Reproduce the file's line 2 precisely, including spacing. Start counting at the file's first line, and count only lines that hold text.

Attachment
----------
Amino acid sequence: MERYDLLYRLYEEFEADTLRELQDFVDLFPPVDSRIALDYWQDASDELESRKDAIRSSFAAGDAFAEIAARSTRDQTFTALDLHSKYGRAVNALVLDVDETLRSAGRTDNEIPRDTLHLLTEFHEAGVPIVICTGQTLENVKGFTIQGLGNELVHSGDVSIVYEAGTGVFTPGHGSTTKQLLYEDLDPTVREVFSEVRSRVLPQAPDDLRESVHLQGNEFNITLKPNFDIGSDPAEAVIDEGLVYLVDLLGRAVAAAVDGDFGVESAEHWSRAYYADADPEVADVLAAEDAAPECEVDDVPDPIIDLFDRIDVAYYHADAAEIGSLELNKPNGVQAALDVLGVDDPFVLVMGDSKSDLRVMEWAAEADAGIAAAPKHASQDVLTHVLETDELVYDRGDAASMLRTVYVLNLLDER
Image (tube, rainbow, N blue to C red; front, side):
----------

Image (tube, rainbow, N blue to C red; front, side):